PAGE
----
The World Bank has said that Sierra Leone and other Sub-Saharan African countries have made substantial strides toward digital transformation, with hundreds of millions of people gaining access to the internet and productively utilizing a wide variety of digital services.

This was disclosed in a new brief titled, “Digital transformation drives development in Africa,” revealing 115 percent increase in internet users between 2016 and 2021 in Sub-Saharan Africa, a change that has been instrumental in spurring economic growth, fostering innovation, and creating job opportunities.

Sierra Leone is among the countries experiencing a noticeable surge in internet connectivity. The nation has gained access to new submarine internet cables, boosting available capacity and propelling the continent’s average broadband download speed from a sluggish 2.68 Mbps in 2019 to a respectable 8.31 Mbps in 2022.

The report highlights that the internet is no longer just for basic web browsing. With improved speeds, Africans can now access online learning, essential services, and a plethora of productive content, fueling economic growth and individual empowerment.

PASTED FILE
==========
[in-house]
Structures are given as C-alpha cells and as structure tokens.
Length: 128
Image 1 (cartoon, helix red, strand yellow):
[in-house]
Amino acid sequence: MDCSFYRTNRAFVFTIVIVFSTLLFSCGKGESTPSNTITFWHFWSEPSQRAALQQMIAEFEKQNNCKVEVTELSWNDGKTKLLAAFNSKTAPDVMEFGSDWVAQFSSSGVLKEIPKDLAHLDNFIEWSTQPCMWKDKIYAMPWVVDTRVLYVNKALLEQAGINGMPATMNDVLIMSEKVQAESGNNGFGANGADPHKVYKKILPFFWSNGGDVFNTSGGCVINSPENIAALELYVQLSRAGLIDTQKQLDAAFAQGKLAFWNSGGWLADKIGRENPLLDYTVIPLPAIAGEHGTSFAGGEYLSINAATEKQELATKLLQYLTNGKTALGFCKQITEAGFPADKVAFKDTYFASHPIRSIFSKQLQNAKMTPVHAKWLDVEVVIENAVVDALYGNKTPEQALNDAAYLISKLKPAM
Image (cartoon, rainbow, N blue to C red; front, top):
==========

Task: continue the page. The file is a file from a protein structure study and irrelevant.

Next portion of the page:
“Between 2016 and 2021, Western and Central Africa saw internet users jump from 23% to 47%, while Eastern and Southern Africa experienced a similar leap from 16% to 27%. Coastal nations like Liberia, Sierra Leone, Senegal, and Côte d’Ivoire are reaping the benefits of new submarine cables, boosting capacity and transforming the user experience,” the brief states.

World Bank Chief Economist for Africa, Andrew Dabalen, emphasizes the importance of closing the digital divide: “The minimal usage of mobile internet is a lost opportunity for inclusive growth in Africa. Closing the uptake gap would increase the continent’s potential to create jobs for its growing population and boost economic recovery in a highly digitalised world.”